Heindl's coaching career was ended by a car accident in which he suffered a serious back injury. Coupled with the death of his father and a failed marriage, he fell into alcoholism and depression. He attempted suicide in 1980 by jumping off a bridge in Winnipeg. Heindl survived, but was left a paraplegic.[6] He was supported by his former hockey teammates, including Bobby Orr, with whom he played in Oshawa as a junior. Orr organized a charity game in Winnipeg to raise money for Heindl.[8] The game, played April 25, 1980, was played between former professional players and former members of the Canadian National Team and was attended by over 15,000 people at the Winnipeg Arena.[9] Over $85,000 was raised for Heindl's recovery.[10] Among the players to join Orr was Wayne Gretzky, and the event marked the only time the two NHL superstars played in the same game.[10]

Heindl's outlook improved, and he became an administrative assistant with the Canadian Paraplegic Association.[6] He encouraged his friends and associates to help raise money for spinal cord research, the result of which became an annual golf tournament in Winnipeg which had raised over $200,000 in its first nine years.[10] The event, called "The Will To Win" helped fund Winnipeg's Spinal Chord Research Centre.[8]

Career statistics[edit]

Regular season and playoffs[edit]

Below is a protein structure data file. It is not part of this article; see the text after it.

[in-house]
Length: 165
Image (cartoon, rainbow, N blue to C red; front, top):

Regular season   Playoffs
Season Team League GP G A Pts PIM GP G A Pts PIM
1963–64 Winnipeg Braves MJHL 26 7 7 14 18
1963–64 Victoriaville Bruins Mem-Cup 11 3 4 7 10
1964–65 Winnipeg Braves MJHL 45 27 33 60 22 15 5 5 10 10
1965–66 Oshawa Generals OHA 48 15 26 41 46 17 4 5 9 10
1965–66 Oshawa Generals Mem-Cup 14 13 8 21 8
1966–67 Clinton Comets EHL 72 17 20 37 7 9 3 2 5 13
1967–68 Clinton Comets EHL 72 52 53 105 20 14 10 5 15 7
1970–71 Minnesota North Stars NHL 12 1 1 2 0
1970–71 Cleveland Barons AHL 60 25 11 36 22 8 3 5 8 0
1971–72 Cleveland Barons AHL 70 22 25 47 19 6 0 3 3 2
1972–73 New York Rangers NHL 4 1 0 1 0
1972–73 Providence Reds AHL 66 21 43 64 10 4 1 0 1 2
1973–74 Cleveland Crusaders WHA 67 4 14 18 4 5 0 1 1 2
1973–74 Jacksonville Barons AHL 9 3 2 5 0
1974–75 Cape Codders NAHL 74 23 36 59 8
1975–76 BK Backen SWE-2 20 16 16 32 48
1976–77 BK Backen SWE-2 33 14 3 17
NHL totals 18 2 1 3 0 0 0 0 0 0
WHA totals 67 4 14 18 4 5 0 1 1 2

International[edit]

Year Team Comp   GP G A Pts PIM
1969 Canada WC 9 4 1 5 2

Source: Legends Of Hockey (HHOF)[1]

Awards and achievements[edit]

References[edit]

  1. ^ a b c d "Bill Wayne Heindl". Legends of Hockey. Hockey Hall of Fame. Retrieved 4 February 2013. 
  2. ^ a b "Bill Heindl #23". Players. NHL.com. Retrieved 5 February 2013. 
  3. ^ Podnieks, Andrew, ed. (2011). IIHF Guide & Record Book 2012. International Ice Hockey Federation. pp. 173, 476. ISBN 978-0-7710-9598-6. 
  4. ^ a b c "Bill Heindl #23". Players - notes. NHL.com. Retrieved 5 February 2013. 
  5. ^ "Bill Heindl". All Time Roster. New York Rangers. Retrieved 5 February 2013. 
  6. ^ a b c Podnieks, Andrew (2003). Players: The ultimate A–Z guide of everyone who has ever played in the NHL. Toronto: Doubleday Canada. p. 342. ISBN 0-385-25999-9. 
  7. ^ "Bill Sr. Heindl (May 16, 1922 - April 13, 1979)". Honoured Members Database. Manitoba Sports Hall of Fame. Retrieved 5 February 2013. 
  8. ^ a b Grant, Vic (11 July 2008). "Excuse Me". CJOB radio via the University of Manitoba. Retrieved 5 February 2013. 
  9. ^ Davis, Reyn (1980-04-26). "Billy Heindl's night Veli Ketola's game". Winnipeg Free Press. p. 95. 
  10. ^ a b c Sigurdson, Hal (1992-03-06). "Heindl inspired others to reach for goals". Winnipeg Free Press. p. F57. 

External links[edit]